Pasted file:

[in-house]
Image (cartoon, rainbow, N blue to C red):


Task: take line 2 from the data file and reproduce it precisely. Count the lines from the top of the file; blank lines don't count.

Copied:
Image (cartoon, rainbow, N blue to C red):